Georgia: Resilience in action

15 May, 2024

When protestors took to the streets of Tbilisi first in March 2023 and then again in April 2024 to express their opposition to a draft law on foreign agents, later renamed as the draft law on transparency of foreign influence, which was quickly dubbed as the Russian law, winding its way through parliament, the response of the pro-Kremlin disinformation machine was as swift as it was predictable: the West is trying to incite unrest and provoke a ‘colour revolution’ in Georgia, just as they had in Ukraine in 2014.

The pro-Kremlin voices claim that the non-governmental organisations in Georgia, precisely those groups which the new law was supposed to regulate, are a key tool in this alleged Western scheme for regime change in Georgia. If this disinformation is to be believed, these local activists had used Western funds to plot a revolution. They were using a ‘Hollywood’ script to unseat the government and whip up anti-Russian hysteria by claiming the new foreign agents’ law was inspired by Russian legislation.

Double standards?

In response to widespread dissatisfaction with the draft law and with the seeming turn away from the country’s EU path it represents, legislators from the ruling party Georgian Dream coalition took to the airwaves to deny that the law had anything to do with Russia, and to assert that similar laws had been enacted or were in preparation in a number of EU member states and in Canada, in addition to FARA in the U.S.

‘People are being convinced that the draft law is directed against the Western partners, and Georgia will not be able to join the European Union by adopting this draft law’, a Georgian Dream MP(opens in a new tab) said. ‘This is complete nonsense. Transparency and reporting are one of the most important values for Europe, and this draft law also serves that.’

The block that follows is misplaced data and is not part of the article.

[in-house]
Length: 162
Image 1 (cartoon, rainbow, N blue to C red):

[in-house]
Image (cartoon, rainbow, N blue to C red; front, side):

However, last month High Representative Josep Borrell and the Commissioner for Neighbourhood and Enlargement Olivér Várhelyi warned in a statement(opens in a new tab) that ‘This law is not in line with EU core norms and values’ and that ‘final adoption of this legislation would negatively impact Georgia’s progress on its EU path’. As a result, the EU called on the Georgian authorities to withdraw the law from parliamentary procedure.

This, in turn, triggered accusations of double standards(opens in a new tab). ‘They are trying to force us not to adopt the same law that the European Union itself initiated’, one legislator said. Another MP described the EU’s call for a retraction(opens in a new tab) as ‘another expression of the double standard of the European bureaucracy, which, given our mutual cooperation, I think is unacceptable’.

In fact, there is no ‘double standard’ because, unlike the ‘foreign agents’ law in Georgia, the proposal for the EU directive on Transparency of Interest Representation(opens in a new tab) supports efforts to counter disinformation and foreign interference primarily from non-democratic countries, and does not stigmatize and discriminate selected entities for receiving foreign funding, but addresses the lobbying activities.

The slinging of rhetorical accusations of ‘double standards’ comes straight from the Kremlin’s disinformation playbook. In the past, it has been employed to try to legitimize the illegal annexation of Crimea, accuse the EU of mistreating Russian ‘journalists’ or excuse the Kremlin’s nuclear sabre rattling, just to name a few examples. Don’t be deceived by this manipulative tactic. It is merely an attempt to distract the audiences and dismiss any legitimate concerns.

‘A plot to drag Georgia into the war’